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Kevin Doyle

Rope Dodder (Cuscuta glomerata)

Life history

Species overview

Rope Dodder (Cuscuta glomerata), a Wisconsin Special Concern plant, is found in a variety of moist habitats, including wet-mesic prairie, mesic prairie, southern sedge meadow, and, in one instance, a hardwood swamp. Blooming occurs from July through September. The optimal identification period for this species is July through September.

Synonyms: None


  • Distinguishing characteristics: Distinguished from other Cuscuta by having sessile flowers with distinctly separate sepals with recurved tips.
  • Flower characteristics: Flowers 5-parted, 4 to 5 mm long, sessile; sepals separated; stigmas capitate.
  • Fruit characteristics: Capsule; seed 1 to 2 mm long.
  • Leaf characteristics: Alternate, minute scales in place of leaves.


  • Blooming phenology: July through September
  • Fruiting phenology:
  • Optimum time to identify: The optimal identification period for this species is July through September


  • Growth form: Vine-herbaceous
  • Vegetative reproduction:
  • Life cycle: Annual
  • Comments: In Wisconsin, reported as parasitic on Helianthus grossesseratus, Solidago canadensis, and Cicucata maculata.

State status

Status and Natural Heritage Inventory documented occurrences in Wisconsin

The table below provides information about the protected status - state and federal - and the rank (S and G Ranks) for Rope Dodder (Cuscuta glomerata). See the Working List Key for more information about abbreviations. Counties shaded blue have documented occurrences for this species in the Wisconsin Natural Heritage Inventory database. The map is provided as a general reference of where this species has been found to date and is not meant as a range map.

Documented locations of Cuscuta glomerata in the Natural Heritage Inventory Database as of July 2015.

Summary Information
State StatusSC
Federal Status in Wisconsinnone
State RankS1
Global RankG5
Tracked by NHIY

Habitats and landscapes

The Natural Heritage Inventory has developed scores indicating the degree to which each of Wisconsin's rare plant species is associated with a particular natural community or ecological landscape. This information is similar to that found in the Wildlife Action Plan for animals. As this is a work in progress, we welcome your suggestions and feedback.

General habitat information

  • Habitat description: Found in a variety of moist habitats, including wet-mesic prairie, mesic prairie, southern sedge meadow, and, in one instance, a hardwood swamp.
  • Soils: Usually moist soils.

Natural communities

This table lists the natural communities that are associated with Rope Dodder. Scores for natural community associations are: "significant" association (score=3), "moderate association" (score=2) or the species can be present but is only weakly associated with the community (score=1).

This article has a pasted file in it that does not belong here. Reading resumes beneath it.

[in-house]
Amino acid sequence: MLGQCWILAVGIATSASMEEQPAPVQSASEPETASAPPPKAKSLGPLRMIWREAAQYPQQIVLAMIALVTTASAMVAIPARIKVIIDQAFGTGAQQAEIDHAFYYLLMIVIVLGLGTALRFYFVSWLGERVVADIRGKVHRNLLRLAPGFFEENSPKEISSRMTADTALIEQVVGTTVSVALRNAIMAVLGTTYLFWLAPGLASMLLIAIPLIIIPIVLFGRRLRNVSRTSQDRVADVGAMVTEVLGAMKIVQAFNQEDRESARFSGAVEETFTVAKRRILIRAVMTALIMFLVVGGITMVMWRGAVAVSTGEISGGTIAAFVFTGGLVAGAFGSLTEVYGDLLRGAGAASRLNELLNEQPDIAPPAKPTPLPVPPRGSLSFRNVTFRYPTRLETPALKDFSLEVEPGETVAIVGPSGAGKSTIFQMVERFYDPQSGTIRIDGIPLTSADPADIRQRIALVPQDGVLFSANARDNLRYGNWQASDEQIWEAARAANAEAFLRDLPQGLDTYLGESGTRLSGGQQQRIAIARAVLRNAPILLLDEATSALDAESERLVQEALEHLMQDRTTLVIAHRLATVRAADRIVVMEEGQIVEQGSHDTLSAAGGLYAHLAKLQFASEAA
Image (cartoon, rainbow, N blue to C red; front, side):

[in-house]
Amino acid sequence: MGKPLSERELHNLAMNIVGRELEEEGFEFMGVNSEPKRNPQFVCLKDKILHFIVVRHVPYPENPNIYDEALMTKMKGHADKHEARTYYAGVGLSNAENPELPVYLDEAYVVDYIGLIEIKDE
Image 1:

Ecological landscapes

This table lists the ecological landscape association scores for Rope Dodder. The scores (3=High, 2=Moderate, 1=Low, 0=None) also correspond to the map.

Map of the Ecological Landscapes of Wisconsin.

Species guidance

The Endangered Resources Program has developed avoidance measures and management guidelines for plants on the Natural Heritage Working List. These are a work in progress, and we welcome your suggestions and feedback. Sources used in developing this information can be found here.

Avoidance measures

These are specific actions designed to avoid "take" (mortality) of this species.

  • Avoid broadcast spraying of herbicides; use care with spot spraying.
  • Avoid known individual plant locations and conduct operations elsewhere when they are least likely to cause damage. Ideally, this would involve frozen, snow-covered ground. However, in areas of the state where frozen conditions are unreliable, very dry soils late in the growing season might be the best available alternative. Consult with a biologist, if needed.

Management guidance

Management guidelines are additional considerations that may help maintain or enhance habitat for this species

  • Minimize disturbance to hydrology, including soil disturbance from rutting.
  • Maintain and restore open habitat through selective clearing and brushing.
  • Prescribed burns and/or brushing may be beneficial (dependent on local site conditions).


Rope Dodder Photo.

Photo © Dan Carter.

Rope Dodder Photo.

Photo by Kevin Doyle, Wisconsin DNR.

Rope Dodder Photo.

Photo © Kitty Kohout.

Rope Dodder Photo.

Photo © Kitty Kohout.

Rope Dodder Photo.

Photo © Babette Kis.

Support for Wisconsin's rare plant information has been provided by the Division of Forestry, the Endangered Resources Fund and the Wisconsin Rare Plant Preservation Fund. To donate, visit the Natural Resources Foundation of Wisconsin [exit DNR].

Last revised: Wednesday, May 05, 2021
Southwest Savanna Southern Lake Michigan Coastal Western Coulees and Ridges Southeast Glacial Plains Central Sand Hills Central Lake Michigan Coastal Central Sand Plains Northern Lake Michigan Coastal Northern Lake Michigan Coastal Northeast Sands Western Prairie North Central Forest Northern Highlands Northwest Lowlands Northwest Sands Northwest Lowlands Superior Coastal Plains Forest Transition